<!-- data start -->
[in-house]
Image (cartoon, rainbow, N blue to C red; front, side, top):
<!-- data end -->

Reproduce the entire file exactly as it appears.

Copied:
[in-house]
Image (cartoon, rainbow, N blue to C red; front, side, top):